How to Throw a Cutter
Welcome to Part 6 of our “How to Throw” series! In our final segment, we will conclude with a discussion and analysis of cutters.
What is a Cutter Pitch?
A cutter—also known as a “cut-fastball”—is a pitch that is thrown at a high velocity and moves with sharp, horizontal movement, or cutting action.
This pitch type is similar to a four-seam fastball due to its grip and release but differs from a four-seamer in that it has a slightly lower velocity and moves glove side instead of arm side.
Normally a cutter will contain predominantly backspin and gyro spin, with a slight amount of sidespin. The backspin on the pitch allows it to move like a four-seamer, while the slight side spin helps produce a small element of glove-side action, as a slider would have, thus producing a higher velocity pitch that cuts rather than runs.
This pitch type is used differently amongst big-league pitchers depending on their intent. For some, a cutter becomes their primary fastball, while for others it can be used as a putaway pitch similar to a breaking ball or a platoon neutralizer. Either way, an effective cutter can give you an edge when you step on the mound.
In our grip tracker database, we have three primary grip types for cutters. Shown below is “CT 1”, which 80% of our athletes use.
Gripping a cutter is similar to gripping a four-seam fastball. The index and middle fingers are used to impart force onto the baseball, which results in high velocity and spin. In this grip example, the fingers are positioned close together on top of the ball while the finger pads are placed directly onto the seams.
The most important factor is that these fingers are off-set on the pinky side of the ball, which helps induce backspin with a slight degree of sidespin. This is the core component of how this pitch creates vertical movement with cutting action.
Position the thumb underneath the ball for control, although its placement can be modified based on comfort. We see most pitchers either put their thumb directly just off-center or underneath the ball.
Place the ring finger on the side of the ball in order to help maintain control, while leaving the pinky finger completely off. But this grip isn’t a one size fits all approach—you should position your fingers so that you are able to hold the ball comfortably in your hand.
After you’ve found a comfortable grip, you should hold the ball with a good amount of pressure between your thumb, index, and middle fingers.
How to Throw a Cutter
To throw a cutter, we want to think “Fastball” and pull down on the seams using your index and middle fingers as you get closer to release. A cue we like when throwing the pitch is to “yank” the ball down as hard as possible, as it should feel as if the ball “shoots” out of your hand.
Here is an example of high-speed footage of a cutter. Watch how the pitcher gets directly behind the ball and at release the fingers come off the side of the ball, helping impart the cutter-like spin.
As the ball travels towards the target, we would expect the pitch to move straight, but with late cutting action glove-side.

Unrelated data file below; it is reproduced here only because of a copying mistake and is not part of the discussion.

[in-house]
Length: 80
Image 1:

Additionally, if you throw from a lower arm slot you can expect to have greater horizontal movement and decreased vertical lift, as opposed to a pitcher who throws from an over the top release.
How Does a Cutter Move?
Using a Rapsodo, we can analyze the movement profile of our pitches. Cutters, which are highlighted in brown, possess a positive amount of vertical movement, mostly live to the left of the y-axis and have a small degree of horizontal break.
You’ll notice cutters are in between fastballs and sliders. Intuitively, this makes sense as this pitch type has the traits of both those pitches.
When a cutter has a high degree of run and little lift, it may be considered a “slutter”. This nickname is given to a pitch that holds equal qualities of both a slider and cutter.
Analyzing its movement profile will provide you a clear picture of how the pitch actually moves and, ultimately, how to use it when facing hitters.
Additional Cutter Grips and Cues
Listed below are additional cutter grips used by our athletes in the gym.
The “Standard Between”, CT 2, uses a 2-seam orientation. Place the index and middle fingers in between the seams and slightly off-center. Very similarly, CT 3 uses the same orientation but the fingers are placed farther up the ball, closer to the horseshoe. Once again, you’ll find in both examples how the fingers are off the middle of the ball.
We recommend testing out different grips in order to feel the difference and help you in your development of this pitch!
Additional cues: “Focus on middle finger pressure”, “Think palm facing first base”, “Think slider”
“Standard Between” CT 2
“Standard Around” CT 3
This concludes our “How to Throw” blog series! We hope you enjoyed each segment and that you use this as a guide to improve on your pitches moving forward. Keep in mind that each pitch’s movement profile will depend on a number of factors.
It is up to you to practice, understand the different changes that can be made, and continue to discover what leads to the most success!
Read How to Throw a Sinker or Two-Seam Fastball
Read How to Throw a Four-Seam Fastball
Spencer Stewart -
Great read, Mike! Any idea what the numbers on the cutter gif were?
MICHAEL O'CONNELL -
Hey Spencer, below are the metrics for the cutter that’s in the clip with live at bats.
55.7% spin eff